All’s well that ends well: Mass Effect 3 and narrative closure
Last week saw the complimentary release of Mass Effect 3: The Extended Cut, a batch of downloadable content that was designed to assuage growing discord among a vocal majority of the series’ fans, but was always predestined to be a superfluous disappointment. The fact that a cost-free expansion to a cherished franchise was met with any amount of derision, especially from an audience used to paying extortionate amounts for disposable add-ons, is indicative of the continued hostility and disharmony between the wider Mass Effect community and its creators. How did this all start? With an ending.
Having begun in 2007 with the first Mass Effect title, the series managed to solicit an almost unprecedented level of fevered devotion from players due to an overarching emphasis on the equilibrium of choice and consequence. This isn’t the first time Mass Effect’s developer BioWare have indulged in this structural model, however. The exalted Canadian-based team have built their reputation over the past decade through their progressive player-led dialogue systems and their indomitable propensity for constructing highly-detailed locales and characters, each of which are directly effected by your words and actions within the game-world.
While their model has a venerable heritage in the gamebook or ‘create your own adventure’ genre within literature, BioWare’s receptive and reactive worlds and the systems implemented to offer an unprecedented depth to the level of player interaction were created with enough affection, attention to detail and technical competence to garner a significant, loyal parish. The Mass Effect series augmented this already prosperous template by allowing players to transfer their protagonist’s custom appearance, background and most intriguingly their in-game choices directly into the narrative architecture of the first game’s sequel, Mass Effect 2. Whether incidental or momentous, each singular decision became part of a wider universe and narrative, an expansive chronicling of a leader’s rise to eminence where spoken history is something tangible as opposed to a mythical pre-set fictional base.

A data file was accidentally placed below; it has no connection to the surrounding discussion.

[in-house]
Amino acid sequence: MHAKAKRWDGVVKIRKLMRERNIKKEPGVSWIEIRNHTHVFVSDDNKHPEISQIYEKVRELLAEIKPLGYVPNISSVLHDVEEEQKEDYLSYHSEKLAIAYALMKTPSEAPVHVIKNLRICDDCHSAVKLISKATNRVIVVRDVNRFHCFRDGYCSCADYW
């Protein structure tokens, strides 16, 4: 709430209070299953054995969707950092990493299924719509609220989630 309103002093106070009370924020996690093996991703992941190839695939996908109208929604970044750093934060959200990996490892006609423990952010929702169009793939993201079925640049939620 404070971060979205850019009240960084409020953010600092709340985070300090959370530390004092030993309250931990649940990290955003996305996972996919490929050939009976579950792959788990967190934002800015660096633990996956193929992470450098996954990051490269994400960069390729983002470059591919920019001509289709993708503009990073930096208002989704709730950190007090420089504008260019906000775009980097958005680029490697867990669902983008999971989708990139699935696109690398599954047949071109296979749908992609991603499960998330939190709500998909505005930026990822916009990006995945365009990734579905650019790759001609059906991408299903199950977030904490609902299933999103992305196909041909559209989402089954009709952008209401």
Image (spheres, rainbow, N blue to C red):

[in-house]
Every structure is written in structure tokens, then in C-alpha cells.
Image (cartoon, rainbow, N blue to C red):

In hindsight, ending such an ambitious and celebrated saga was always going to alienate as many as it satisfied. Behind a veil of freedom and volition there was always a complex set of stubborn algorithms which ultimately had to converge into some form of linearity when the time came for a conclusive event. Without delving too specifically into the ending of Mass Effect 3, and in turn the trilogy, it is unsatisfactory, insincere and when deconstructed into its basic narrative elements, really quite dumb. An over reliance on a deus ex machina device which leans on the flimsy foundations of an argument from authority attempts to paper over a resolute betrayal of the series’ own ethos. Instantly a narrative that has embraced ethical nuance and emotional bias is replaced by a facsimile of choice, ordained by the flawed logic of a supposedly omniscient being. Ignoring the plethora of plot holes that the final sequence presents as well as its unforgivable reduction of a genuinely intimidating, unwavering breed of enemy into an army of lapdogs, its opaque simplicity and sheer ineptitude was galling.